The leopard does not have simple black spots, but rosettes or small circles with a darker color inside. As you can see, there are no tear marks on the leopard as it likes to hunt at night.

For more info on the leopard, click here.

Jaguar

The jaguar is the largest of the three, and since you only see them in South America you could never be confused as to which animal you see in the wild. Where people mix them up the most are on videos and photographs, and they mostly confuse them with leopards. The worst case of mixing up the two I have come across was on the pamphlet for the South African town of St Lucia, a small tourist town I lived in for a while. It had a jaguar and not a leopard on the front. I know it can be difficult to tell the difference, but it shouldn’t be that hard, especially when you live in a place where you are surrounded by leopards and people photograph them all the time.

Onwards to the differences. The jaguar is very much like a leopard in appearance, but it is much bigger and heavier. In behavior I would say it much more resembles a tiger, although the jaguar is a much better climber than tigers. It is the most powerful of the big cats, relative to size, and its jaws are only second to hyenas of all the carnivores, and it can easily crush turtle shells. The head is broad and large and the black spots around the face are much darker, heavier and denser. With some practise you can easily tell it apart from the leopard on the face alone. The easiest way to tell them apart however, is on the markings on the body. Where the leopard has small rosettes, the jaguar has large circles with tiny black spots inside them:

The jaguar has large circles with spots inside them and not small rosettes like the leopard.

The jaguar has large circles with spots inside them and not small rosettes like the leopard.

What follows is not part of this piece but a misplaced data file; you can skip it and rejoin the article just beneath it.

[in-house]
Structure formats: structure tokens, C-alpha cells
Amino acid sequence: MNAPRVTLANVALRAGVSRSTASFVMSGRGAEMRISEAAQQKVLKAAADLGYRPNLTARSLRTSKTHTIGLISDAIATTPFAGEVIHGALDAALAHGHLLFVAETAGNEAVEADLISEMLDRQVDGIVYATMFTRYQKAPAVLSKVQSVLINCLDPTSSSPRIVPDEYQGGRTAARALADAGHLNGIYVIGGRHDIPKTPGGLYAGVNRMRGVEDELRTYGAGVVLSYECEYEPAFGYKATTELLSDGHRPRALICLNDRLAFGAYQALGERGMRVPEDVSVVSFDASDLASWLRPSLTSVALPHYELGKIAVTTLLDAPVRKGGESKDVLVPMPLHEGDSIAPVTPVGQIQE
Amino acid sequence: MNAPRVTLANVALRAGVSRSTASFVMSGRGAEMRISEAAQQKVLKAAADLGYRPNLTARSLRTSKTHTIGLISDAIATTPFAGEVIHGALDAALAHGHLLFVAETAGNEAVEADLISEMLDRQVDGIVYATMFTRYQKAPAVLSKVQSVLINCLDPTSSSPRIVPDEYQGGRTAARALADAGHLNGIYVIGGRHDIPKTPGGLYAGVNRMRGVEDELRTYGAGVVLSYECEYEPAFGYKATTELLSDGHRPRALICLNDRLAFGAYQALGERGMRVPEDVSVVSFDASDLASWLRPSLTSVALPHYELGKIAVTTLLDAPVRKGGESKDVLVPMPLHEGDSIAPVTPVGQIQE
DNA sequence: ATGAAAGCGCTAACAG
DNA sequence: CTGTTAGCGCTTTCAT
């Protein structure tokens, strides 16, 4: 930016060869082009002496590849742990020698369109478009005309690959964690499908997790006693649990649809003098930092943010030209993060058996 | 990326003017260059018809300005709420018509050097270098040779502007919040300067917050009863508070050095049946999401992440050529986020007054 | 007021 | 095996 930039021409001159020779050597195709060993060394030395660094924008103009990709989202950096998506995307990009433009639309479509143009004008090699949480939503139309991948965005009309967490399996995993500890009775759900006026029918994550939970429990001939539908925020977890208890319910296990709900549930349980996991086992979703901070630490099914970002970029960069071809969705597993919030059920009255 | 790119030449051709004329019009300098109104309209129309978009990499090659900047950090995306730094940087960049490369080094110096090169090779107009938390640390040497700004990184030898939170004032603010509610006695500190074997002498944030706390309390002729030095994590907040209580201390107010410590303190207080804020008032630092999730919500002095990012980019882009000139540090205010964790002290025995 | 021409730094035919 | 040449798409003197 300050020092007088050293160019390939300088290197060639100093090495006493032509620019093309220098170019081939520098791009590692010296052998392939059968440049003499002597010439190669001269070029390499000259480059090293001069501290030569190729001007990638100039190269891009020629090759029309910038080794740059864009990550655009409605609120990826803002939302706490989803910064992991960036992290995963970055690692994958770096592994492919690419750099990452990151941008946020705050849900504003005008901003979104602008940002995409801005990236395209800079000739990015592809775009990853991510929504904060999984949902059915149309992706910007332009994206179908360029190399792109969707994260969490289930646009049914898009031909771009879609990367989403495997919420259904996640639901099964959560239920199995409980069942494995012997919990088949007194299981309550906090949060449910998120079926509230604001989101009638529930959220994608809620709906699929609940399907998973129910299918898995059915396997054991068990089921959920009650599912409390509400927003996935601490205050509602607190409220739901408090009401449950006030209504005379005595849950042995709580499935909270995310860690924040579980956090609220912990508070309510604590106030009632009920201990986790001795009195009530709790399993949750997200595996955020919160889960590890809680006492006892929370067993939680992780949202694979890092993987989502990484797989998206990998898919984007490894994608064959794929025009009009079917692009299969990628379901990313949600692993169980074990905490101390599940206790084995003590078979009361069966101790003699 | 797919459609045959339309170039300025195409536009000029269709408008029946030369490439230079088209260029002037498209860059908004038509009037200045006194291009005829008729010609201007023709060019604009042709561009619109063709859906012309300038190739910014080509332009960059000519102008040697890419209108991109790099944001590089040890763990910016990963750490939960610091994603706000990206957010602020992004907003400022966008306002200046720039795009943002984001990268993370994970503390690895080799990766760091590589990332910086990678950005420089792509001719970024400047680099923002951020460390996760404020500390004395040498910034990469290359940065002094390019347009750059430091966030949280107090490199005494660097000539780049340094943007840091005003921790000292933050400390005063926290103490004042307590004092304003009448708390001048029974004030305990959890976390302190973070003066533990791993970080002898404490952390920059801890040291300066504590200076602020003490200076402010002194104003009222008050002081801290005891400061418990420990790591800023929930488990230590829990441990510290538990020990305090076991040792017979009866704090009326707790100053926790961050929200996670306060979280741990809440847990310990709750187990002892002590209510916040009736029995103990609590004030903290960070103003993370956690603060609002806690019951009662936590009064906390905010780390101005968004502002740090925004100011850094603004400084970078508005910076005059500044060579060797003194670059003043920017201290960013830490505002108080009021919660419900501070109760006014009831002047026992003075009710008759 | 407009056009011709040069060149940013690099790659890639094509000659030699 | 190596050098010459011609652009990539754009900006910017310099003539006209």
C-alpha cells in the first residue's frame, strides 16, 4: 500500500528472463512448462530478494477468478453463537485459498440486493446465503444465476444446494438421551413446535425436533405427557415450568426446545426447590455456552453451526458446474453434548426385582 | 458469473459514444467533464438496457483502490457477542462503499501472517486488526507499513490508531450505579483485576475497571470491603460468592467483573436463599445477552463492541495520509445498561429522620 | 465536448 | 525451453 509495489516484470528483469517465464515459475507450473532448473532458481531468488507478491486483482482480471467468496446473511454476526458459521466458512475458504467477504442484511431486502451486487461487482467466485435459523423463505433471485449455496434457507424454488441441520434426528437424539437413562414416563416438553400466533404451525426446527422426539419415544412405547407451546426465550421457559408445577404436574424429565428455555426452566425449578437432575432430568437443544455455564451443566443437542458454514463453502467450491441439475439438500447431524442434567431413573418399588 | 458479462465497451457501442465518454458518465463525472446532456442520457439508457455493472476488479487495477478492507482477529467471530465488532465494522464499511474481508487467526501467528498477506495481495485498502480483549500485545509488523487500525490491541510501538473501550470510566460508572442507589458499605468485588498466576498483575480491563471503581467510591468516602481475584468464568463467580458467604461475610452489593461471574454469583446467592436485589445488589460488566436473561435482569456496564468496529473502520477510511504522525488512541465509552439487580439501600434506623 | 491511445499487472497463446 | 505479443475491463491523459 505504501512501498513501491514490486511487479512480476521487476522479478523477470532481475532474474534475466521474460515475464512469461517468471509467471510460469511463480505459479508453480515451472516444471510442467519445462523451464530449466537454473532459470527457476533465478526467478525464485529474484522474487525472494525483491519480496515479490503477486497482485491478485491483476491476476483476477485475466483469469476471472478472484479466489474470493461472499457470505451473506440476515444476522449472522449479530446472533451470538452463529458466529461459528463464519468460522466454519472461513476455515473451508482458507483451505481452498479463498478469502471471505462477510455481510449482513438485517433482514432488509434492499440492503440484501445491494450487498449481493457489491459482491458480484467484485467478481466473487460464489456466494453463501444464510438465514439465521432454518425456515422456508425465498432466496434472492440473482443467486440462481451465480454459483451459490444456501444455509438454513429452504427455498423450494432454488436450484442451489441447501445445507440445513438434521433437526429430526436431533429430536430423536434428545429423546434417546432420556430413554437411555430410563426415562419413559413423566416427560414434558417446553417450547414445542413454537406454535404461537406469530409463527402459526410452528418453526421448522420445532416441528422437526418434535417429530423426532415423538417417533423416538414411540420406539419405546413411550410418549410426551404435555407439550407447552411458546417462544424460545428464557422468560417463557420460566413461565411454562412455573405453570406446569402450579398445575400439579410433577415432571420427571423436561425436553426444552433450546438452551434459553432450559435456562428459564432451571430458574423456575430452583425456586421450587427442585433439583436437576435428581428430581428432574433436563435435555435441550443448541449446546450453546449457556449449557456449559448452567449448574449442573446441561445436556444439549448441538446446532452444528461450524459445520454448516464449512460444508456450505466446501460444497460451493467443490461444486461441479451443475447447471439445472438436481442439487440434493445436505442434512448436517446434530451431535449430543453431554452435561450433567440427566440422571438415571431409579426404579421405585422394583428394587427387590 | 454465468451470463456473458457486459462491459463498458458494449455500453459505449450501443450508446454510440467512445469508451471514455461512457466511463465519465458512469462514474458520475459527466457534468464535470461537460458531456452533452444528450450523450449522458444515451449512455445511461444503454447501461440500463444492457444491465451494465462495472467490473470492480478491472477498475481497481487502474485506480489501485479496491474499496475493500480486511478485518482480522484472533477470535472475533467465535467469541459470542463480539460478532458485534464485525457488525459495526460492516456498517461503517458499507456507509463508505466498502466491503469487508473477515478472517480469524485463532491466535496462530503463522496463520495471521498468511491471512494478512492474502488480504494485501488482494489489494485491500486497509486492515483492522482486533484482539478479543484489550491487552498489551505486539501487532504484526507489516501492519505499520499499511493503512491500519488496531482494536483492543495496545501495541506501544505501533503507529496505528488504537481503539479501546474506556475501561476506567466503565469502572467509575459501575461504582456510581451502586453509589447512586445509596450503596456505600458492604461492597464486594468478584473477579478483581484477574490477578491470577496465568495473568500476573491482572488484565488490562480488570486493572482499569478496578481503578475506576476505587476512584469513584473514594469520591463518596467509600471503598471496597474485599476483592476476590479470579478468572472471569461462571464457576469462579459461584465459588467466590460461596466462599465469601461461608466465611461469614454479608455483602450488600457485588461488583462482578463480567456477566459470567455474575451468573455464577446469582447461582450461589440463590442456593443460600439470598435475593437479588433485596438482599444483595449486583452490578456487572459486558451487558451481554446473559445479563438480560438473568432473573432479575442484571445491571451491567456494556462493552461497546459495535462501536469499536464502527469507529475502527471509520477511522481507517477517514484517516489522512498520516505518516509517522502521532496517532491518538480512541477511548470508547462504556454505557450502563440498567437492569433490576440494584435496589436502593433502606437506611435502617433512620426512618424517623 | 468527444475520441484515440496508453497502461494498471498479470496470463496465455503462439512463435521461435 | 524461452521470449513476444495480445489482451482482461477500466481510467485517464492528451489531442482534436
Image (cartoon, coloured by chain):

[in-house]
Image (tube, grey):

Both the jaguar and the leopard have individuals that are totally black, so-called black panthers, but you can even distinguish those. Just think of the jaguar as being a stocky bodybuilder with a large head and the leopard as a lean but muscular athlete and you can often tell the difference.

The jaguar is additionally the only one of these three cats that actually likes water. It is a good swimmer, and often hunts animals in the water. When I stayed in South Africa I got shown this video by many of my South African friends. It went viral in South Africa as a video of a leopard catching a crocodile, and many were amazed that a leopard could do this (there was obviously no narrator in the viral video). Some even said it was filmed in Kruger National Park. The video actually portrays a jaguar in the Pantanal, Brazil, hunting and killing a caiman crocodile and is a well-known footage from National Geographic. A leopard would never be able to do this. After reading the above, it shouldn’t take long for you to recognize this as a jaguar.

Here it is:

Here is another one, more up close this time:

To finish, let’s do a photographic recap of the three cats (click to enlarge):

Cheetah

Leopard

Jaguar

Now you know the differences! If any of your friends are in doubt as to which is which, you can now tell them, or send them here.

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Håvard Rosenlund

Wildlife lover, researcher and conservationist.